No matter what size your family is, gathering in someone's home can be a comfortable year-round alternative to a state park family reunion. These types of reunions are often hosted by the family matriarch or patriarch, especially when Grandma's home has played a strong role in the family history. Boisterous Christmas parties, casual Labor Day barbecues, and even graduation parties can be wonderful occasions to gather far-flung relatives and long-lost family members under one roof.
If this type of reunion sounds best for your family, you'll want to start planning about six months ahead, mostly to drum up interest and to allow family members from away to make travel plans. Depending on the size of the home and the time of year, this type of reunion could work for around 100 people. If your space is somewhat limited, you might consider doing a family reunion "open house," where people could come and go throughout the day.
Whether you're hosting the reunion, or Grandma is, make sure you have help. Enlist some reliable aunts to cook and some enthusiastic cousins to organize activities. Or, if your budget allows, hire a caterer to supplement your home-baked meals and to keep the drink flowing.
Here's a checklist to help you and your family get started!
Determine interest of family members. Send out a family poll (by e-mail or by post) to gauge interest in a reunion, get an idea of how many people would attend, and find out what dates would work best.
Ask for help. You'll need to find dependable and enthusiastic relatives who could take charge of:
Finalize the date.
Finalize plans for reunion favors, video and/or family history pamphlet. Family members will want something to remember this grand occasion.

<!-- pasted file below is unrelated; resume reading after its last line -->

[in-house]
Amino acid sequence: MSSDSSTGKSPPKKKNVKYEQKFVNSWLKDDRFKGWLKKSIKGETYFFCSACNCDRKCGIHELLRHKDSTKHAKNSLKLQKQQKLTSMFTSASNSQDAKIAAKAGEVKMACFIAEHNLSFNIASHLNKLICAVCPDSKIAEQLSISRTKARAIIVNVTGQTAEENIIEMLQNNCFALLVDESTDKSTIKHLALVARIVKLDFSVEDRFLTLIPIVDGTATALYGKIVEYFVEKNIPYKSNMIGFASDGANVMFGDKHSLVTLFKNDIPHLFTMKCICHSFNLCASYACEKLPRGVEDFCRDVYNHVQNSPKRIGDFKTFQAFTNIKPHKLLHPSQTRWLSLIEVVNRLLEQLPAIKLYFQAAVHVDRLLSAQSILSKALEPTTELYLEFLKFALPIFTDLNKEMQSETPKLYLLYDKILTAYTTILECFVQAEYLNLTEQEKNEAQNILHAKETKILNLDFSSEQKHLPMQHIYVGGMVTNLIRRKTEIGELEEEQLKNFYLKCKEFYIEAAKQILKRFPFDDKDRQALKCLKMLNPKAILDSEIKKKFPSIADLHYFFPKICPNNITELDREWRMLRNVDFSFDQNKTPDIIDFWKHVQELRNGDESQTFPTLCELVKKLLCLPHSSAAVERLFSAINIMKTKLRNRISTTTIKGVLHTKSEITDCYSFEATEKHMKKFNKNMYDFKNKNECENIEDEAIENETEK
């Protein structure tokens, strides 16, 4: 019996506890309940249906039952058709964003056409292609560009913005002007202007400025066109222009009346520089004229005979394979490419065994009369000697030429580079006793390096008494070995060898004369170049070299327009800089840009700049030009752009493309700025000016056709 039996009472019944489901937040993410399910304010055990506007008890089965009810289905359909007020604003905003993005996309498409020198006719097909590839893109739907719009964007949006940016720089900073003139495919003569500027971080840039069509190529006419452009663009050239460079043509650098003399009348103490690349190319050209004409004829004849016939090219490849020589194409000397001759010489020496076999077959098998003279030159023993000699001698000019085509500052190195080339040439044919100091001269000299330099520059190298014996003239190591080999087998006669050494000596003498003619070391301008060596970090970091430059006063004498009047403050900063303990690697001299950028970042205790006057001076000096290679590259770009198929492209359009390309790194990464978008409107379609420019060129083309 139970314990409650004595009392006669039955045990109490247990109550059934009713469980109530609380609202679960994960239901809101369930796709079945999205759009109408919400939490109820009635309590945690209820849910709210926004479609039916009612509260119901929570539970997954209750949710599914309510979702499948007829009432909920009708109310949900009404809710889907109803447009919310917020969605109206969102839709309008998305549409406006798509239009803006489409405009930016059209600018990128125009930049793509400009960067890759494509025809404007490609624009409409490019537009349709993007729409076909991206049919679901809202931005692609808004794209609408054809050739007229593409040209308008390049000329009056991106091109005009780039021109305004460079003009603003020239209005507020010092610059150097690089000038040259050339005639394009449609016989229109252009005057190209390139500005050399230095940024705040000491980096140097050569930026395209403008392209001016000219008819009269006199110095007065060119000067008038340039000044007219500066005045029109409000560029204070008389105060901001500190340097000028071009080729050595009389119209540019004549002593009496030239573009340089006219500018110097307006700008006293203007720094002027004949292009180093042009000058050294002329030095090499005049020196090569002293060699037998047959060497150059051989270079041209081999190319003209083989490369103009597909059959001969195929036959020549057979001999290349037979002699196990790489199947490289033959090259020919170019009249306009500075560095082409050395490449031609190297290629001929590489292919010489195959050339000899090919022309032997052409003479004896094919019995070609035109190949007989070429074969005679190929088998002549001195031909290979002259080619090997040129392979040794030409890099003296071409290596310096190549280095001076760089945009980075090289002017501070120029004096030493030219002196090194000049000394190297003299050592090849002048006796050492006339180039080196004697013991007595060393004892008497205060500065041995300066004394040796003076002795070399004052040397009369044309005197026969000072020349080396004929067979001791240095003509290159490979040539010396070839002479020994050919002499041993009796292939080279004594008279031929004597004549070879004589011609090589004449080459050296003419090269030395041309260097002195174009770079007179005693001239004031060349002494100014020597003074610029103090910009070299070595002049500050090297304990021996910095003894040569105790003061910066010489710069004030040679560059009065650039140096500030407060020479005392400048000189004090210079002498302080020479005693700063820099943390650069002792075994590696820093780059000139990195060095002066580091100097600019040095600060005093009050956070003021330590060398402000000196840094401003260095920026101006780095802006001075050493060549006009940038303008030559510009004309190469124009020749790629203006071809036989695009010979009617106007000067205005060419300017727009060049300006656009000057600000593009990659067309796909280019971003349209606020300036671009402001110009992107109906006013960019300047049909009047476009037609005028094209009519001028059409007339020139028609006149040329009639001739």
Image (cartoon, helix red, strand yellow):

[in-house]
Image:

Follow up with volunteers and dole out tasks as appropriate.
Finalize events and activities.
Plan the meal.
Start a list of those who have confirmed their attendance.
Reserve rental equipment such as tables or chairs.
Make final purchases.
Order copies of family history or video.
Confirm with relatives who are bringing food or other supplies.
Contact caterer with a final guest count if necessary.
Order cold cut platters, cake, or other party items from your local grocery store or baker.
Contact volunteers with specific tasks to confirm times and the final guest count.
Review your final to-do list.
Buy last-minute decorations and supplies.
Create signs and banners.
Make arrangements to donate leftover food to a local shelter or food pantry.
Pick up any rental equipment, like chairs, tables, etc.
Set up and decorate.
Get some sleep!
Write thank-you notes to special attendees, relatives who donated time and money, and any other people who helped make your event a success.
Develop film. Be sure to get CDs made so you can upload photos to ofoto.com or shutterfly.com. This way other family members can purchase copies of your photos.
Donate or distribute leftover favors, decorations, family history pamphlets, etc.
Follow up with videographer and photographer to find out when materials will be ready for distribution.
Send an e-mail or mass mailing to all who attended, summarizing the festivities, thanking them for attending, and telling them where they can purchase photos, videos, or any other follow-up items from your event.